The Benefits Of Learning How To Draw
Do you remember doodling on your paper as a child? Or, maybe you were the best drawer in your class […]
Do you remember doodling on your paper as a child? Or, maybe you were the best drawer in your class when you were in grammar school. Or, maybe you loved drawing, but someone else in class was better than you, so you gave it up.
What Stops You?
Drawing is a very personal activity. You attempt to represent something you’ve seen or something you’ve imagined with your drawing. Children, especially, are very sensitive about criticism and comparison, and when they draw something they’re proud of, they can easily feel like its garbage when someone else’s work is bragged on. But, drawing is a very important activity for your own development.
Figure Things Out
Drawing helps you to figure things out. Some people think better when their hands are busy, and drawing serves this purpose for many. When you had to stop cluttering up your pages in school with doodles, you cut off part of your learning style. Not only does the physical activity of drawing help you, it also accesses the right side of your brain – the creative side – basically doubling your brain power.
Tap That Creativity
This brings you to another benefit of drawing – creativity. Inventors often make sketch after sketch of their newest idea, and these drawings help them to determine the best structure for their work. If you’re not an inventor, drawing will open up the linguistics locked inside your brain. It also brings the intelligence that is used to recognize shapes, space, and perspective to the forefront. All of these different brain activities are part of your intelligence, and contribute to your overall IQ. By activating this part of your brain, you may unleash the latent creative genius.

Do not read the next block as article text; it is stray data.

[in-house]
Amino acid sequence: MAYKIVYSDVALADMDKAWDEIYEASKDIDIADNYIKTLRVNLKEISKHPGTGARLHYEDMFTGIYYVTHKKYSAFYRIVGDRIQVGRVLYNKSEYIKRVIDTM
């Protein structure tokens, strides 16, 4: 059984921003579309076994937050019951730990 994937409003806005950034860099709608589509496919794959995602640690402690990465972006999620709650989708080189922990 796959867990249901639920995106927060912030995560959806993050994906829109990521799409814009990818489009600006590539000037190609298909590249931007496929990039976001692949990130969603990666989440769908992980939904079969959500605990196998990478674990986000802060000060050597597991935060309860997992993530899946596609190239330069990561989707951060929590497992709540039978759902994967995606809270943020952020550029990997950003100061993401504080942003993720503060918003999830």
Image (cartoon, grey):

Improve Your Confidence
You’ll make a lot of mistakes drawing. The up side to this is that you’ll learn that making mistakes is ok. Your confidence will start to grow, as you learn to admit that something you’ve done can be improved, and there is no penalty for imperfection. This is especially true when drawing portraits, because the human face is always in motion, always evolving. When you draw a portrait, and others recognize who it is, it’s a great feeling. If they don’t recognize who it is, you can go about fixing the drawing.
Drawing is a great way to express your emotions. You can explore the depth of your feelings through the art of drawing, whether anyone else ever sees the drawings or not. A portrait of an enemy, drawn showing his character the way you see him, can help you to calm down and focus.
Strengthen Your Brain
Enough can’t be said about the benefits to your brain when you start drawing. Every time you draw a line with any kind of purpose, you are building dendrites in your brain – the nerve connections that shape thought, reactions, and instinct.
Whether you draw portraits or doodle; whether you work on your own or take lessons, you’ll be amazed at the enrichment your life gains through drawing. Get that pad today, and start with those pencils, to make a healthier, happier you.
Laura Green loves everything to do with art, when she isn’t drawing in her spare time she is writing about it. She currently works for Portrait Club, a company that teaches you to draw online.